"It doesn't matter how beautiful your theory is, it doesn't matter how smart you are. If it doesn't agree with experiment, it's wrong." Richard P. Feynman

Sunday, July 3, 2011

PooPrints.

Science never stands still and a new type of CSI , which could stand for Canine Sh*t Identification , is using state-of-the-art technology to track down miscreant mutts leaving unwanted calling cards in apartment buildings.. Defecating dogs will be tracked down by doodoo DNA analysis for further action. However some apartment managers understandably have drawn the line at "collecting dog poop samples along with the rent checks". 


Canine DNA is now being used to identify the culprits who fail to clean up after their pets, an offense that Deborah Violette, for one, is committed to eradicating at the apartment complex she manages.
Everyone who owns a dog in her complex, Timberwood Commons in Lebanon, N.H., must submit a sample of its DNA, taken by rubbing a cotton swab around inside the animal’s mouth.
The swab is sent to BioPet Vet Lab, a Knoxville, Tenn., company that enters it into a worldwide database. If Ms. Violette finds an unscooped pile, she can take a sample, mail it to Knoxville and use a DNA match to identify the offending owner.
Called PooPrints, the system costs $29.99 for the swabbing kit, $10 for a vial to hold the samples and $50 to analyze them, which usually takes a week or two. The company says that about two dozen apartment complexes around the country have signed up for the service. In 2008, the Israeli city of Petah Tikva created a dog DNA database for the same purpose.
“It’s kind of like the F.B.I., but on a much smaller scale,” said Eric Mayer, director of franchise development for BioPet Vet Lab, which makes the kits.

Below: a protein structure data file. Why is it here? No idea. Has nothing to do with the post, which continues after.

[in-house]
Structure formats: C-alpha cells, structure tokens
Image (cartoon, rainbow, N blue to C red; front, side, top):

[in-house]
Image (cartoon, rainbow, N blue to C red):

Ms. Violette said that at her complex, which opened in December and has a designated building for pet owners, unwanted surprises have sometimes been found on lawns.
“We had a little bit of a problem,” Ms. Violette said. “Enough that I wanted to try to nip it in the bud.”
Dog owners were notified about the testing last week, and most are now taking their pets in to provide DNA samples. But not everyone.
“I’ve had some people say it’s completely over the top and ridiculous,” Ms. Violette said. “I’m sure I’ll have a few people who won’t come in, and I’m sure those are the people we’ll have to chase and those are the people who are doing it.”
Tom Boyd, the founder and chief executive of BioPet Vet Lab, said the company made the kits in response to the large of numbers of the dogs in the United States and to health concerns connected to dog feces. According to the American Society for the Prevention of Cruelty to Animals, there are about 75 million dogs in the United States.
“If you took 75 million Americans and said they no longer have a commode, can you imagine what would happen in a week?” Mr. Boyd asked.

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